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"United Arab Emirates
Honor 2006"

Map Geography People Economy Military Library of Congress Country Study

The Middle-East-Info site blockedby the United Arab Emirates dictatorship (Snapshot, Jun 28, 2006)

Sheikh Issa Bin Zayed Al Nahyan, the brother to the President of the U.A.E. and Crown Prince of Abu Dhabi, taking pleasure in torturing on camera a business associate who disagreed with him. Police in uniform join in as the victim is whipped, beaten, electrocuted, run over by SUV, stuffed sand down the mouth and bullets from an automatic rifle are fired around - ABC News, Apr. 22, 2009 |
UAE Torture

Imprisonment and Flogging for Marriage Across Faiths
No Democratically Elected Institutions or Political Parties
Judiciary's Decisions Subject to Review by Political Leadership
Law Specifically Prohibits Criticism of Government, Ruling Families and Friendly Governments Under Penalty of Imprisonment
Claims Iranian Greater and Lesser Tunbs Islands

Compare Freedom Score of UAE (Not Free) and Israel (Free)
Source: Freedom House
(PDF, 187 KB)

Compare Human Development Index of UAE (0.816) and Israel (0.905) (PDF, 670 KB)
Source: United Nations Human Development Report 2003

Compare Corruption Index of UAE (5.5), Israel (7.3), Germany (7.3) and USA (7.7) Source: Transparency International (PDF, 1.8 MB)

United Arab Emirates, Country Reports on Human Rights Practices - 2002 (U.S. State Department, Mar 31, 2003): "The United Arab Emirates (UAE) is a federation of seven emirates established in 1971. None has any democratically elected institutions or political parties. Traditional rule in the emirates generally has been patriarchal, with political allegiance defined in terms of loyalty to the tribal leaders. There are no general elections ... Citizens did not have the right to change their government. The Government restricted the freedoms of speech and of the press. The press continued to avoid direct criticism of the Government and exercised self-censorship. The Government restricted the freedoms of assembly and association, and imposed some restrictions on freedom of religion. The Government restricted the rights of workers, some of whom were not protected by labor laws. There were no labor unions. There were reports of poor working conditions, failure to pay wages, and abuse of foreign domestic servants in an economy in which 98 percent of the private sector workforce was foreign ... The Constitution provides for the independence of the judiciary; however, its decisions were subject to review by the political leadership ... The law specifically prohibits criticism of the Government, ruling families, and friendly governments that threaten social stability under penalty of imprisonment."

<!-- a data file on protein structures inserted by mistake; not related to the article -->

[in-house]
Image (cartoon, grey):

Imprisonment and Flogging for Marriage Across Faiths (Amnesty International Report)

Enslaved because of their size, young boys are trafficked into the UAE and forced to ride camels for sport. (iAbolish - The Anti-Slavery Portal)

Trafficking in Persons Report 2002 (U.S. Department of State) (PDF, 630 KB) - United Arab Emirates, Bahrain, Iran, Lebanon, Qatar, Saudi Arabia, Sudan

Country Reports on Human Rights Practices, UAE - 2001 (Bureau of Democracy, Human Rights, and Labor of U.S. Department of State)
Library of Congress's Country Studies (United Arab Emirates)

CIA World Factbook (United Arab Emirates): "Oman signed boundary treaty with the UAE in 1999, but complete UAE-Oman boundary line is not expected until the end of 2002; undefined segments remain with Ra's al-Khaymah and Ash Shariqah (Sharjah) emirates, including the Musandam Peninsula, where an administrative boundary substitutes for an international boundary; because details of 1974 and 1977 treaties have not been made public, the exact location of the Saudi Arabia-UAE boundary is unknown and status is considered de facto; UAE seeks United Arab League and other international support against Iran's occupation of Greater Tunb Island (called Tunb al Kubra in Arabic by UAE and Jazireh-ye Tonb-e Bozorg in Persian by Iran) and Lesser Tunb Island (called Tunb as Sughra in Arabic by UAE and Jazireh-ye Tonb-e Kuchek in Persian by Iran) and attempts to occupy completely a jointly administered island in the Persian Gulf (called Abu Musa in Arabic by UAE and Jazireh-ye Abu Musa in Persian by Iran)."

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